Families can be solid as a rock, or fragile and ready to implode at any moment. Sitting down for dinner could go smoothly, or it could blow up at an off-handed remark. Hereditary feeds off of that tension between kin, amplified in the wake of a death. From there, it feels like a new kind of terror that grabs hold and refuses to let go.
Toni Collette shines brightly as Annie Graham, a grieving daughter who is worried about the effect her mother’s passing will have on her own daughter. That is ultimately the crux of the film’s first half, which burns slowly as a family drama that incorporates a healthy dosage of the horrors one could face in the grieving process. Peter (Alex Wolff), Annie’s oldest child, is your regular high school kid who has a crush on a girl and just wants to get high with his friends, while Charlie (Milly Shapiro) is anything but ordinary. She loved her grandmother more than she does her mother, and acts weird in situations on a consistent basis, making Annie suspicious of how much influence her mother had on her young daughter.
All of these things pile up in a way that gives such an earned feeling of tension. Ari Aster both wrote and directed this film, and for a debut feature, it places him firmly next to directors like Robert Eggers (The Witch), Jennifer Kent (The Babadook), and Jordan Peele (Get Out) as someone who will have all eyes on his next project. The level of attention in the screenplay is staggering, doling out scares and information in the same breath. Everything matters in Hereditary, even from the opening shot of an obituary for Annie’s mother. It doesn’t just tell you she’s dead — it sets a tone of dread and leaves questions immediately about the nature of the Graham family.
I grew up with siblings in pretty rural areas. We fought all the time, whether it was one person yelling at another while everyone else just sits and eats their dinner quickly until one storms off and eats their dinner cold later at night, or just coming home to questions about your day. Tension was always present. Maybe it was a combination of sibling rivalries and always wondering how to manipulate parents into buying that hot new toy that everyone else had, but there was never a moment where things couldn’t escalate. Hereditary fully captures a lot of the minutiae that I felt growing up, but obviously to a more horrific extreme. Peter wrestles with demons that his mother is scared to even talk to him about, Annie is even more scared of Charlie growing up, and their father, Steve (Gabriel Bryne), just goes on with his day at work and comes home to try and navigate the fraught relationships around him. It’s a minefield that seems ready to explode.
This is where Hereditary transcends a lot of horror films. It finds the terror in everyday life, much like Jennifer Kent did with The Babadook, but it also sets itself up to be more than just a horror film with a great metaphor. It’s something far more evil, and posits reflection on the way we interact within our own families. The little ticks they latch onto us can bring a new kind of dread — one that torments the soul until final breath. Aster elicits a tone of grief throughout the entirety of the film, even when the movie spirals into traditional horror tropes. They aren’t bad tropes either, but if the screenplay wasn’t as tightly constructed as it was, they’d feel hokier than intended. It’s clear that the family drama is the more central plot in Hereditary, but the incorporation of more genre elements makes those family beats more sinister and corruptible.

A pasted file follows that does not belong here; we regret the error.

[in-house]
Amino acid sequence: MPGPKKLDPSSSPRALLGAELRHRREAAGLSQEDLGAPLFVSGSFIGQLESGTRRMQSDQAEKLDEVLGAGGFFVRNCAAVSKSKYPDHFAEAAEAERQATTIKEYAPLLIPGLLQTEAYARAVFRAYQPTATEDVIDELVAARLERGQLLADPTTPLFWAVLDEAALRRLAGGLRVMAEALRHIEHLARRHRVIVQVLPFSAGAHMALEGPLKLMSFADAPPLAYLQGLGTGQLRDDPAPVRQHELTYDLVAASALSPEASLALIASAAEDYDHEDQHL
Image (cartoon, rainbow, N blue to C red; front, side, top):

That change from a tense family drama to a full-on horror film is beautifully connected through Colin Stetson’s score, where he does what he’s been doing with his solo avant-garde work, but on a much more diabolical level. His compositions maintain from the beginning to the end of the movie, with a few key moments of silence that can feel just as palpably tense as the music does. Stetson helps provide an atmosphere much in the way that Pawel Pogorzelski’s cinematography adds a voyeuristic layer to the Hereditary’s themes, as constructs much of his shots in the same way that Annie sees her life — through vignettes and moments, often tracking characters as opposed to cutting away from them.
Hereditary is very comparable to Jordan Peele’s Get Out from last year in that each moment and every piece of production design feels detrimental to understanding the film. It already seems like a movie primed for rewatching, if you can stomach the unspeakable terror it unleashes. There’s a moment (and you’ll know it when it happens) that lets you know the film is not messing around. If you haven’t walked out of the theater at that point, you can likely handle everything else thrown at you. It will often create a feeling where hiding seems like the only possible way to get through the experience, and what makes Hereditary an incredible achievement is that hiding from the truth can be much harder than just watching it. Sometimes we have to face the hard truths, no matter how evil and heartbreaking they really are.